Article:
The Vatican has made the unprecedented move of beatifying an entire Polish family for their “gesture of hospitality and care” in sheltering Jewish people during the Second World War.
The family-of-nine — a married couple and their small children — were murdered by the Nazis in 1944 after they were apparently betrayed.
Speaking during a Mass in the village of Markowa, in southeastern Poland, papal envoy Cardinal Marcello Semeraro read out the Latin formula of the beatification of the Ulma family signed last month by Pope Francis.
Cardinal Semeraro noted that for their “gesture of hospitality and care, of mercy” the Ulmas “paid the highest price of martyrdom”.
A contemporary painting representing Jozef and a pregnant Wiktoria Ulma with their children was revealed near the altar, and a procession brought relics taken from their grave to the altar.
It is the first time that an entire family has been beatified.
Speaking to the public from a window in St Peter’s Square at the Vatican, Pope Francis said the Ulmas “represented a ray of light in the darkness” of the war and should be a model for everyone in “doing good and in the service of those in need”.
The pope then invited the crowd below to applaud the family, and he clapped his hands.
Those gathered in Markowa watched Francis’ address on giant screens placed by the altar.
Last year, Francis pronounced the deeply Catholic Ulma family, including the child that Wiktoria Ulma was pregnant with, martyrs for the faith.
The Ulmas were killed at home by German Nazi troops and by Nazi-controlled local police in the early hours of March 24 1944, together with the eight Jews they were hiding at their home, after they were apparently betrayed.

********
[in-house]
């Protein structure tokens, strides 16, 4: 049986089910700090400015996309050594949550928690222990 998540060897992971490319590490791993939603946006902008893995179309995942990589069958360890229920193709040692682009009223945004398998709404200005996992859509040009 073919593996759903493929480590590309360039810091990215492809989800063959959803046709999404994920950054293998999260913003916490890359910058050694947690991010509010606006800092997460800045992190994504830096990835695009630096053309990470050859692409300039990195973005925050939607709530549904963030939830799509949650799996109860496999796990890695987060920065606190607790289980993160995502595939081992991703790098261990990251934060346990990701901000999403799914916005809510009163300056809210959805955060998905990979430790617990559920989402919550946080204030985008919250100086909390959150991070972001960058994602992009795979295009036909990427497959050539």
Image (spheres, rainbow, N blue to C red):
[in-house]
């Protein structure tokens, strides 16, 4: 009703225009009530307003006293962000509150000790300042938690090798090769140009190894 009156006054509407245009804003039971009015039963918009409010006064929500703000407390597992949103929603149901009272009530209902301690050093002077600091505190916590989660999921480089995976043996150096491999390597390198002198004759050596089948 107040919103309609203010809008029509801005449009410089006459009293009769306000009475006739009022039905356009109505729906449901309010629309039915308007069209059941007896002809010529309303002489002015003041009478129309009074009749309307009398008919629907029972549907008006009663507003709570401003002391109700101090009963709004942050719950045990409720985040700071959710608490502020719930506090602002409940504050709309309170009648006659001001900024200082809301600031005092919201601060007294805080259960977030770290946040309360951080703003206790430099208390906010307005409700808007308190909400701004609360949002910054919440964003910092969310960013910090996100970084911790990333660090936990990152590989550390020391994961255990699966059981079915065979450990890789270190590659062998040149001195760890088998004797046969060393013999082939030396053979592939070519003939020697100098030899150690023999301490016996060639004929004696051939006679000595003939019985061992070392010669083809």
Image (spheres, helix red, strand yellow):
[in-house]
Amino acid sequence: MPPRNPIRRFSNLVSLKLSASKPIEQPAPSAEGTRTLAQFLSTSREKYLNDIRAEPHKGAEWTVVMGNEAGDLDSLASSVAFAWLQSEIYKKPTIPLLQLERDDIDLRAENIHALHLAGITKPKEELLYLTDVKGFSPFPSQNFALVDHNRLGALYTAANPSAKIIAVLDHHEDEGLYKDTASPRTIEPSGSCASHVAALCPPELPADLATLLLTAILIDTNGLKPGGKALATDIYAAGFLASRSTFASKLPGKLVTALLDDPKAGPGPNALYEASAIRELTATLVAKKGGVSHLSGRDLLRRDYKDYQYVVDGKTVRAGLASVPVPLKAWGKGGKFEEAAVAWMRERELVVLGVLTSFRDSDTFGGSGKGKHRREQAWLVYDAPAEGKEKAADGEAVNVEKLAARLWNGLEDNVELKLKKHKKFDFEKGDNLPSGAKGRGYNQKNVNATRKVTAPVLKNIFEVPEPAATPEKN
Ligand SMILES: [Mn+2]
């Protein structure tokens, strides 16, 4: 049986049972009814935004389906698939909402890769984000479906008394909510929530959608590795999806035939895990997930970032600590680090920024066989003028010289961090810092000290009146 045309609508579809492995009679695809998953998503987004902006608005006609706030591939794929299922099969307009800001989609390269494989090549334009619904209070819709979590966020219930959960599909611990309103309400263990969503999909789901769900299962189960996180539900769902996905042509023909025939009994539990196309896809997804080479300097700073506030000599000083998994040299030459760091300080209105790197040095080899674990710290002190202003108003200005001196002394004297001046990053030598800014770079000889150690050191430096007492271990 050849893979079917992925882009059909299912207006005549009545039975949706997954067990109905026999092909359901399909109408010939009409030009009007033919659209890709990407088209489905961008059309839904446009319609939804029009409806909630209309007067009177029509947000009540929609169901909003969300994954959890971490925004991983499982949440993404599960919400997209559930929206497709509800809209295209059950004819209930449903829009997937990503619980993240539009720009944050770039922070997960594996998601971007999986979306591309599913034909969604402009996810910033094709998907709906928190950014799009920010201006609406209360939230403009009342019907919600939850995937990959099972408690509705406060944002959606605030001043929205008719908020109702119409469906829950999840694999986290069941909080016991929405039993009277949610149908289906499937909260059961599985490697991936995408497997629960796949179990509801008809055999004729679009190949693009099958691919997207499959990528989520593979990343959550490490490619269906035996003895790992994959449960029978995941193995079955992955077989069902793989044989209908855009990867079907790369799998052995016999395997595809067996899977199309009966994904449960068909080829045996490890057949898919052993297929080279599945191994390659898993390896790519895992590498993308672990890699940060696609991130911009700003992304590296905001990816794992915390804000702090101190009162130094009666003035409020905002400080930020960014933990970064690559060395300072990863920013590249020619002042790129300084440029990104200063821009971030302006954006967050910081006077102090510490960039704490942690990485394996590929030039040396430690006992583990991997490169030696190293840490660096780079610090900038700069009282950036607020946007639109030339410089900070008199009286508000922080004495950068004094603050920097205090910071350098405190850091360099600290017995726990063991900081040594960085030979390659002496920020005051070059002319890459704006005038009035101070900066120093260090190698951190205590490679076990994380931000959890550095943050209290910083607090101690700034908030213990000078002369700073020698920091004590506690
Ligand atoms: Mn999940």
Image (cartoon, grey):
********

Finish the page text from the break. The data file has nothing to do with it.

Jozef Ulma, 44, was a farmer, Catholic activist and amateur photographer who documented family and village life. He lived with his 31-year-old wife Wiktoria; their daughters Stanislawa, seven; Barbara, six; Maria, 18 months; and sons Wladyslaw, five; Franciszek, three; and Antoni, two.
With them were killed 70-year-old Saul Goldman with his sons Baruch, Mechel, Joachim and Mojzesz, along with Golda Grunfeld and her sister Lea Didner with her young daughter Reszla, according to Poland’s Institute of National Remembrance, which has documented the Ulmas’ story.
Polish president Andrzej Duda along with the ruling party leader Jaroslaw Kaczynski and prime minister Mateusz Morawiecki, as well as Poland’s chief rabbi, Michael Schudrich, attended the celebration in Markowa, and thousands of pilgrims came from across Poland to take part.
In Poland, the Ulma family is a symbol of the bravery of thousands of Poles who took the utmost risk while helping Jews.
By the occupying Nazis’ decree, any assistance to Jews was punished with summary execution.
Poland was the first country to be invaded by Nazi Germany, on September 1 1939. Some six million of its citizens were killed during the war, half of them Jews.